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Lebanon finally has a government Sulaiman's man seals the deal.

Byline: Sami MoubayedCorrespondent

Damascus Achieving a breakthrough in a five-month-long political deadlock, Lebanon's Prime Minister-designate Sa'ad Hariri has named a 30-man Cabinet that is acceptable both to the pro-West March 14 Coalition and the Hezbollah-led opposition.

The March 14 coalition which enjoys the parliamentary majority has bagged 15 portfolios in the ministry while the opposition has got 10. President Michel Sulaiman General Michel Sulaiman (Arabic: ميشيل سليمان) (born 21 January 1948 in Amchit- Byblos Caza) is the 12th and current commander of the Lebanese Armed Forces (LAF).  has named five ministers of his choice for the defence and interior portfolios besides three ministers of state u a Sunni, a Shiite, and a Christian.

"Finally, the government of national concord has been born," Hariri proclaimed to reporters after meeting Sulaiman.

The Cabinet formation has been long delayed due to several complicated factors, one of them being the granting of a "blocking third" veto power to the opposition.

Both the Hezbollah and the Free Patriotic Movement (FPM FPM - Fast Page Mode Dynamic Random Access Memory ) of Michel Aoun Michel Naim Aoun (Arabic: ميشال عون) (born 19 february 1935 in Haret Hreik, Lebanon) is a Lebanese military commander and politician.  have been insistent on such a discretionary power to prevent March 14 from taking any unanimous decisions within the government regarding the arms of the Hezbollah resistance group.

March 14 had refused to bend on this issue, maintaining that the opposition can not have a veto right since it only commands 57 out of the 128 seats in the parliament. That problem has seemingly been surmounted with the naming of a Shiite minister who is acceptable to the opposition, Adnan Al Sayyed Hussain, among President Sulaiman's five nominees.

The choice of the newcomer in the ministry effectively gives the opposition, which has only 10 ministers, 11 votes in the Cabinet, thereby clinching the "blocking third" option.

Another stumbling bloc has been the Ministry of Telecommunications, which Aoun had been demanding all along for his son-in-law, Jibran Basil, a demand strongly supported by Hezbollah.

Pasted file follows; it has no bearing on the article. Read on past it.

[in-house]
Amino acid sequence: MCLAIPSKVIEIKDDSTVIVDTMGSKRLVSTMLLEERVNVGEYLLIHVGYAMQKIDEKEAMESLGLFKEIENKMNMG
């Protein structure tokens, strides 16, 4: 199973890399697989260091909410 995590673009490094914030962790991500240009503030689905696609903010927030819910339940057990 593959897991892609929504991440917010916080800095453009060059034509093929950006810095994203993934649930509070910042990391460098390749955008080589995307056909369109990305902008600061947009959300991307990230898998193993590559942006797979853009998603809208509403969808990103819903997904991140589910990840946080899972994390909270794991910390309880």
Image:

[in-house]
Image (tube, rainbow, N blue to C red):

March 14 initially refused to give in to this demand, claiming that Basil had lost the parliamentary elections in June and, therefore, was ineligible for a Cabinet post. In late October, President Sulaiman, speaking to the Saudi daily Al Hayat, observed that there was no law in Lebanon preventing the appointment of persons defeated in parliamentary elections as minister and that it was simply a norm the Lebanese political class had observed since the 1940s.

Bone of contention

The Telecommunications Ministry has been a bone of contention a subject of contention or dispute.

See also: Bone
 especially since May 2008, when the former Fouad Siniora Fouad Siniora (alternative spellings: Fouad Sanyoura, Fuad Siniora, Fouad Saniora, Fouad Seniora) (Arabic: فؤاد السنيورة  Cabinet tried to dismantle Hezbollah's communications network The transmission channels interconnecting all client and server stations as well as all supporting hardware and software.  at Beirut International Airport.

The two camps have now seemingly found common ground on the issue, granting the ministry to one of Aoun's candidates, Charbel Nahhas (a Roman Catholic), who too happens to be a newcomer.

Basil was named Minister of Energy and Water.

The breakthrough in Lebanon comes one month after King Abdullah of Saudi Arabia made a groundbreaking visit to Syria, settling differences aside with Damascus, which had positively affected Lebanon's political dynamics.

n Prime Minister: Sa'ad Hariri (Sunni)

n Finance Minister: Raya Al Hassan (Sunni)

n Economy Minister: Mohammad Al Safadi (Sunni)

n Culture Minister: Salim Warde (Orthodox Christian)

n Minister for the Displaced: Akram Chehayeb (Druze)

n Education Minister: Hassan Mneimneh (Sunni)

n Environment Minister: Mohammad Rahal (Sunni)

n Information Minister: Tarek Mitri (Orthodox)

n Justice Minister: Ebrahim Najjar (Orthodox)

n Labour Minister: Boutros Harb (Maronite)

n Public Works and Transportation Minister: Gazi Aridi (Druze)

n Social Affairs Minister: Salim Al Sayegh (Maronite Christian)

n State Minister: Mona Ofeish (Sunni)

n State Minister: Wael Abu Faour (Druze)

n State Minister: Jean Ogassapian (ethnic Armenian) - Hezbollah, allies

n Foreign Affairs Minister: Ali Al Shami (Shiite)

n State Minister (Administrative Reform): Mohammad Fneish (Shiite)

n Agriculture Minister: Hussain Al Haj Hassan (Shiite)

n Energy Minister: Jibran Basil (Maronite) -

n Health Minister: Mohammad Jawad Khalifa (Shiite)

n Industry Minister: Abraham Dedian (ethnic Armenian)

n Telecommunications Minister: Charbel Nahhas (Catholic)

n Tourism Minister: Fadi Aboud (Maronite)

n Youth and Sports Minister: Ali Al Abdullah (Shiite)

n State Minister: Yousuf Sa'adeh (Maronite) - Sulaiman loyalist

n Minister of Defence, Deputy Prime Minister A Deputy Prime Minister or Vice Prime Minister is, in some countries, a government minister who can take the position of acting Prime Minister when the real Prime Minister is temporarily absent. : Elyas Al Murr

(Orthodox)

n Interior Minister: Ziad Baroud (Maronite)

n State Minister: Adnan Al Kassar (Sunni)

n State Minister: Talal Al Makdessi (Catholic)

n State Minister: Adnan Al Sayyad Hussain (Shiite)

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Publication:Gulf News (United Arab Emirates)
Date:Nov 11, 2009
Words:696
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